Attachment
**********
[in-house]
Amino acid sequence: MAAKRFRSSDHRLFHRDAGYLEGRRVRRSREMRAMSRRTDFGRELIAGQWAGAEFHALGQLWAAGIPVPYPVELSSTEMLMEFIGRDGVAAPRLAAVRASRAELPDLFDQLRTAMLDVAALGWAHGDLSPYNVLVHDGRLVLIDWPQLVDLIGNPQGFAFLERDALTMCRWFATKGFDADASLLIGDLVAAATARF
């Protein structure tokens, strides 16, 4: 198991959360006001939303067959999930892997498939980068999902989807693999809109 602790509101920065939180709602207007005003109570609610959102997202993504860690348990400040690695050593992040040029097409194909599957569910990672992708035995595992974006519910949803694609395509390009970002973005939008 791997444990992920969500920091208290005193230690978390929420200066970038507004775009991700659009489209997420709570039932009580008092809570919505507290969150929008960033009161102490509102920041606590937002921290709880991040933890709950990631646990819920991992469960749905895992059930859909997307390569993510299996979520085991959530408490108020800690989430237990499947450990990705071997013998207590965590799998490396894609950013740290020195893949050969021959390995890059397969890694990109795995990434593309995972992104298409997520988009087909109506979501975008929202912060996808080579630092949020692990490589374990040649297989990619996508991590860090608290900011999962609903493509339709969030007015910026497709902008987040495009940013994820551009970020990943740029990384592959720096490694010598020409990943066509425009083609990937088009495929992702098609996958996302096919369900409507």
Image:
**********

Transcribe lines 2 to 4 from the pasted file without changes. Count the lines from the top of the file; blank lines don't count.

Amino acid sequence: MAAKRFRSSDHRLFHRDAGYLEGRRVRRSREMRAMSRRTDFGRELIAGQWAGAEFHALGQLWAAGIPVPYPVELSSTEMLMEFIGRDGVAAPRLAAVRASRAELPDLFDQLRTAMLDVAALGWAHGDLSPYNVLVHDGRLVLIDWPQLVDLIGNPQGFAFLERDALTMCRWFATKGFDADASLLIGDLVAAATARF
């Protein structure tokens, strides 16, 4: 198991959360006001939303067959999930892997498939980068999902989807693999809109 602790509101920065939180709602207007005003109570609610959102997202993504860690348990400040690695050593992040040029097409194909599957569910990672992708035995595992974006519910949803694609395509390009970002973005939008 791997444990992920969500920091208290005193230690978390929420200066970038507004775009991700659009489209997420709570039932009580008092809570919505507290969150929008960033009161102490509102920041606590937002921290709880991040933890709950990631646990819920991992469960749905895992059930859909997307390569993510299996979520085991959530408490108020800690989430237990499947450990990705071997013998207590965590799998490396894609950013740290020195893949050969021959390995890059397969890694990109795995990434593309995972992104298409997520988009087909109506979501975008929202912060996808080579630092949020692990490589374990040649297989990619996508991590860090608290900011999962609903493509339709969030007015910026497709902008987040495009940013994820551009970020990943740029990384592959720096490694010598020409990943066509425009083609990937088009495929992702098609996958996302096919369900409507």
Image: